Friday, July 16, 2004

A wonderful vacation, and a rant to boot...

My apologies for taking so much time off from my newly-conceived blog, but the family and I were vacationing in Florida for a few days.
We had a great time, enjoying the sights and sounds of the oceans, both Gulf beaches and Atlantic, and I even had an opportunity to have an extended conversation with a resident there that covered everything from hurricaines to politics.
One item of note: Don't go through the south part of Tallahassee on 319, headed down towards Apalachicola, lots of construction, really quirky traffic signals (all other lanes got 2 or 3 green lights before mine!) and lots and lots of apparently confused drivers.
I suppose my only real gripe over my vacation is the anti-smoking law Florida passed awhile back that bans smoking in all restaurants. I suppose most of the smokers in the state just tolerate the ordinance, being good little citizens, and enjoy their smokes outside, but this is an issue I really have a problem with. I realize the "one man's rights end where another's begin" argument is the crux of the issue, but isn't it far past time we re-evaluated what "rights" really exist and which are constructions of society?
I argue that an individual has no more "right" to not smell cigarette smoke than he has the "right" not to smell skunks, loud perfume, or cooking cabbage. There's no evidence that occasional environmental exposure to smoke is detrimental to one's health. What has society regressed into when personal preferences towards one scent or another is the subject of legislation? I, for one, have had my meal "experience" in a nice (and relatively expensive)restaurant at least partially spoiled by an unruly child at another table. Perhaps a ban on children under 15 in any restaurant where entree prices are above $15.00 should be legislated. Such absurdity is simply an extrapolation of the "smoking ban" logic.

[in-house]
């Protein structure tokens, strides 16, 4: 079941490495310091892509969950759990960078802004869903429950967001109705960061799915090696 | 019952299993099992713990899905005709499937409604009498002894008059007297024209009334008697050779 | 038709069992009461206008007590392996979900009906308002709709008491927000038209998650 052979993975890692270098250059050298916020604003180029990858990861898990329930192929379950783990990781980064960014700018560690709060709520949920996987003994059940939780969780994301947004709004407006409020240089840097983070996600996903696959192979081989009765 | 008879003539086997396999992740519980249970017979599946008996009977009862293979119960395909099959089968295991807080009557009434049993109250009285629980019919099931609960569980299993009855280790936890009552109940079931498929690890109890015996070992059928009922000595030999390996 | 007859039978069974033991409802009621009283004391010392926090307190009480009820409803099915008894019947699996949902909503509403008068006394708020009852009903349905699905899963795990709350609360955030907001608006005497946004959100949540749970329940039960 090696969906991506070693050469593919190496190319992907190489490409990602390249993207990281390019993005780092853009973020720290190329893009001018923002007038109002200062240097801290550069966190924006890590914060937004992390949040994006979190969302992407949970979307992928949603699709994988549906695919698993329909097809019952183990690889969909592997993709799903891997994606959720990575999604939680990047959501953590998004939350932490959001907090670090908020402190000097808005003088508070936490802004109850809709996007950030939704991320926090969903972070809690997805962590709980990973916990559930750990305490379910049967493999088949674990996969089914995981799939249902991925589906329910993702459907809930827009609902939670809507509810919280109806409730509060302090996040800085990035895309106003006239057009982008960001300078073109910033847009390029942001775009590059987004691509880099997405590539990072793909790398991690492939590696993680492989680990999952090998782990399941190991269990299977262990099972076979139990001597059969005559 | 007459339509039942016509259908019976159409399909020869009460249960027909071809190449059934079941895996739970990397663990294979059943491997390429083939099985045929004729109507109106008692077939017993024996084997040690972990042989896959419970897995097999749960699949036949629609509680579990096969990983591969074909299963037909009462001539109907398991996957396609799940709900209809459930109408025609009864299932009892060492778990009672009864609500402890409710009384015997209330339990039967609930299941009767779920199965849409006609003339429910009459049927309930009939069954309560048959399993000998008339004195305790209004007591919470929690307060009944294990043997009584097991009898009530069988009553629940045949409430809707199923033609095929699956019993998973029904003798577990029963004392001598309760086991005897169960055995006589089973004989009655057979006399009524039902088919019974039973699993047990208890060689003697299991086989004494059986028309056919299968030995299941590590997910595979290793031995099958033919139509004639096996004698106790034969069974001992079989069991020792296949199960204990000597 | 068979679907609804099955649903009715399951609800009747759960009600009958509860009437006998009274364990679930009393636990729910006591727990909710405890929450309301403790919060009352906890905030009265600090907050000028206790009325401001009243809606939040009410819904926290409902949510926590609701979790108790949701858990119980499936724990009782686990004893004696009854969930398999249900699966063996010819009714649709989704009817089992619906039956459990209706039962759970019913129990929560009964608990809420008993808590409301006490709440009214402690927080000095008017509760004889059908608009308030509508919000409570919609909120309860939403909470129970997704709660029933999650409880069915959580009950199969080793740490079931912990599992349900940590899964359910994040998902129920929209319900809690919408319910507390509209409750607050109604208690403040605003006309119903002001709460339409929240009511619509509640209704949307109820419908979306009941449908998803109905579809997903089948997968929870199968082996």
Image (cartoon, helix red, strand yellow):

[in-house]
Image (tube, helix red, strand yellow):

The other side to this coin, of course, is the rights of business owners to conduct business as they see fit, not be subject to more governmental regulation and scrutiny. If cigarette smoke is so patently offensive, why do so many people choose "first available" when asked in which section they would like to be seated? Furthermore, one would assume that if such a huge segment of the population is against smoking in public, venues which allowed smoking indoors would eventually be forced to honor the public's wishes and become voluntarily smoke-free. This would never happen, though, and the smoke-haters know this, so they resort to pushing through legislation, with much fanfare, deemed to be in the interest of "public health", and smokers, in the name of being polite, bow to their demands.
My solution: smokers should start lighting up anywhere they wish, in the name of peaceful protest. Free expression is still a part of the constitution, even though it's being eroded every day. A challenge to such totalitarian policies is long overdue, and this just may be the perfect first volley in the bloodless revolution to return America to its roots of personal liberties guaranteed by our Constitution.

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